Is the Stock Bulls' Cup Half-Full or Half-Empty?

Written by: Monica Kingsley

Neither on Monday, nor on Tuesday did we see strong volume, but prices rose regardless –is it time to bet the farm on higher stocks right next? As quite a few yesterday-mentioned reasons to be cautious were resolved bullishly, the buyers' case got stronger.

S&P 500 in the Short-Run

Let’s start with the daily chart perspective (charts courtesy of ):

Whatever the adverse intraday setup, prices are grinding slowly higher (even if that happens only in the session's last 15 minutes) – regardless of volume that isn't totally convincing. On a slighly bullish note, yesterday's volume didn't at least decline below Monday's levels. Yes, it's true that somewhat lower volume on many days during bull market runs is no reason for concern, but such low ones give a reason to think that more market participants are waiting for more advantageous prices, and are holding off from buying here.

These were my thought about the short-term stock trading path ahead:

(…) Should it break higher from here, and leave the further detailed non-confirmations unresolved, that would be concerning for the short-term prospects of the bull market. With the early March highs at 3137, the upside potential isn't huge – it's roughly the same as any temporary drop below 3000. That's not what I would call either a high-odds setup to reach those highs, or a favorable risk-reward ratio.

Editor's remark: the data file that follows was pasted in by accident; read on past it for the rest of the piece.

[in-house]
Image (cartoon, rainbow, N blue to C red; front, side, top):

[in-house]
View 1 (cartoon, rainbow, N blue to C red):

(…) Yes, the monthly price action is bullish, and the weekly one is probing a key resistance, but I think it's a matter of relatively short time when the sellers test the buyers' resolve here.

Stocks are surely working hard to extend their gains, and some of the reasons to be cautious, got resolved yesterday. Are they strong enough to justify being invested?

The Credit Markets’ Point of View

High yield corporate bonds (HYG ETF) weren't a cause for concern either on Monday or yesterday. The long white candlestick speaks for itself. Volume is not too hot, not too cold – and the price action continues being not merely bullish, but strongly bullish. Have stocks resolved their slight short-time lag behind credit yesterday?

Yesterday's sizable upswing in the ratio wasn't met with a proportional daily increase in stocks. While stocks caught up in yesterday's premarket upswing, the high yield corporate bonds to short-term Treasuries ratio (HYG:SHY) outdid them.

Given that stocks are higher again in the premarket session today, the credit markets' gains would be the driver of further stock increases. That's the message as credit markets retook leadership from stocks on a short-term note as well (the medium-term degree of strong interconnectedness is obvious).

The stock bull run remains intact regardless of whatever short-term hiccups the credit markets are going to run into over the coming days and weeks. The market isn't doubting now whether the Fed has its back or not – it has.

Key S&P 500 Sectors in Focus

Technology (XLK ETF) wavered intraday, and just as the S&P 500, the sector moved strongly higher only 15 minutes before the closing bell. The price action is turning more positive for the bulls in the short term (it's common knowledge I'm bullish on the sector in the medium and long run).

Encouragingly, its key segment is leading higher. Enter semiconductors.

Initially, semiconductors (XSD ETF) had issues overcoming its recent highs yesterday, but steadily worked their way higher to close with a buying climax as well.

As a result, the short-term hesitation in the tech sector appears over.

Healthcare (XLV ETF) also erased the daily downswing, and remains positioned for more gains.